Kitchen Tips

The best Pinot Noirs from Food's Top Wine Awards 2019

Fruity, velvety and versatile, Pinot Noir never disappoints. Master of Wine Paul Tudor shares his top Pinot Noir picks from Food magazine's Top Wine Awards.

Look out for the Food Top Wine Award stickers on these bottles at supermarkets and selected liquor retailers.
Frontera Chile Pinot Noir Concha y Toro 2017 ($12)
Do not be put off by the rock-bottom price – this fruity, uncomplicated wine is actually a textbook expression of the Pinot Noir variety. Cherry-berry aromatics, light tannins and fresh acidity in the mouth, it is no heavy-duty example, but as an everyday light red, this is fantastic.
Saint Clair Vicar's Choice Marlborough Pinot Noir 2017 ($18)
Another bargain-buy Pinot. This time the dark cherry and plum fruit is striking on the bouquet; not a heavily weighted wine, but concentrated flavours include spice and fruitcake. Easy drinking, everyday wine.
Seifried Estate Nelson Pinot Noir 2017 ($20)
This is a relatively upfront, fruity styled red, with juicy plum and currant aromatics, a fresh and crisp palate, and just a lick of oak but concentrated and balanced in the mouth. Well priced.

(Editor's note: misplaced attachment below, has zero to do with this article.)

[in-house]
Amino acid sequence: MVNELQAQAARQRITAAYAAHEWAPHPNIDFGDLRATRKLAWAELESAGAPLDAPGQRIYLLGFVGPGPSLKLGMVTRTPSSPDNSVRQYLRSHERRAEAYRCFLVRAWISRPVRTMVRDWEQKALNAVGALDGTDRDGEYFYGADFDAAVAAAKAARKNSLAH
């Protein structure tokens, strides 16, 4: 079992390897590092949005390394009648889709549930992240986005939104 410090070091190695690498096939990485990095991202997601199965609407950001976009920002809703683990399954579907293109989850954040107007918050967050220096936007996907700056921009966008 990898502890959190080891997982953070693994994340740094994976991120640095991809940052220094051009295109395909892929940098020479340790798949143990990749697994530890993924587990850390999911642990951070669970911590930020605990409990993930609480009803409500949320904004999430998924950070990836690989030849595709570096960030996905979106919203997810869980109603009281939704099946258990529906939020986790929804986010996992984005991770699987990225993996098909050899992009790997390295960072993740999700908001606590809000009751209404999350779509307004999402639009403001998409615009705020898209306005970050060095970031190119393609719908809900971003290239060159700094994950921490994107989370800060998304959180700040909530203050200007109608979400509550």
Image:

Stoneleigh Latitude Marlborough Pinot Noir 2017 ($20)
Light cherry red with smoky, herbal, cherry aromatics and dark plum characters. This is grippy and sappy in the mouth; a firm, crisp wine, pithy, light and simple, but also with great grip.
Wither Hills Marlborough Pinot Noir 2016 ($22)
A more savoury, developed style, this has some smoky, gamey notes overlaying the dark, subdued fruit. There's an almost salty character to taste. A fresh, elegant wine that would be great alongside lamb or venison.
Main Divide North Canterbury Pinot Noir 2015 ($28)
I consider this to be a benchmark for New Zealand Pinot Noir – it exhibits many of the characters people enjoy from top flight Pinot: lifted cherry fruit, yet savoury, complex, secondary characters, lovely soft tannins, but balanced with firm acidity. First-rate wine at an affordable price.
Rockburn Central Otago Pinot Noir 2017 ($40)
A classic Central Otago Pinot, with intense, almost spicy, cherry characters, supported with cedary oak. A generous, creamy wine, with a touch of class, perhaps Rockburn's best ever.
Greystone Waipara Valley Pinot Noir 2016 ($42)
Greystone makes wines with great texture and depth and this wine is no exception. Dark cherry aromas with some spicy undertones. In the mouth it is concentrated and multi-layered; a wine that takes time to open. Still very youthful, but a beautifully poised Pinot.
Ostler Caroline's Waitaki Valley Pinot Noir 2015 ($50)
Lifted aromatics – think wild herbs, red cherry, even rhubarb; the mouthfeel is tight and angular, with a fairly dry finish. An interesting, distinctive Pinot for when you want to splurge.